Sep 11, 2023 - Real Estate

Climate risks worry home buyers, especially on the West Coast

Illustration of a "For Sale" sign post flooded in water.

Illustration: Maura Losch/Axios

Potential climate disasters are a major worry for people buying homes in Washington, as well as elsewhere along the West Coast, according to new research from Zillow.

Why it matters: Recent extreme weather events — from heat waves to wildfires to heavy rain — are pushing more homebuyers to consider the effects of climate change when they search for a place, Manny Garcia, senior population scientist with Zillow, told Axios.

Driving the news: Of roughly 4,600 prospective homebuyers surveyed nationwide between April and July, more than 80% said they consider at least one climate risk when purchasing a home.

  • In Pacific states — Washington, Oregon, California, Alaska and Hawai'i — it's an even bigger consideration, factoring into the process for 92% of buyers, Zillow found.
  • That was the highest percentage of any U.S. region, Garcia said.

Yes, but: High home prices in West Coast markets may be forcing many people who are worried about climate risks to compromise and accept those risks anyway, he said.

  • While Pacific state homebuyers were more likely to consider climate change-related issues when choosing a home, they also were more likely than people elsewhere to say they plan to buy in an area with one or more disaster risks.
  • Sometimes that's because getting the desired amount of space — spurred by life events like a new baby or marriage — requires moving out of the city to a place further inland, which generally comes with more risk of wildfires or extreme heat, Garcia said.

What they're saying: "At the end of the day, most folks don't have the money to get everything they want, including a climate-proof home," Garcia said.

Other real estate experts told Axios that they've seen buyers' concerns about climate risks show up in an increased desire for air conditioning.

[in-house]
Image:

• While Seattle once was the least air-conditioned large metro area in the U.S., that's no longer the case. Recent extreme heat events have made air conditioning in the region more of a necessity than a luxury, Scott Comey, owner of RE/MAX Elite in Lynnwood, told Axios.
  • Comey said fewer buyers are raising climate-change issues with his brokers than the Zillow survey would indicate, but concerns about landslides and extreme heat have been coming up more frequently than they used to.
  • About half his agents report fielding those kinds of questions from buyers, he said.

Plus: Rising sea levels are now a bigger concern for people buying waterfront property, Edward Krigsman, a Windermere real estate broker in Seattle, told Axios.

  • Homes located just a foot or two above sea level are "substantially more risky," making higher-situated homes more attractive to buyers worried about climate change, Krigsman wrote in an email.

The bottom line: Affordability trumps everything, Garcia said.

  • While West Coast buyers may stress the most about the risks posed by climate change, in the end, they're "taking what they can get," he said.

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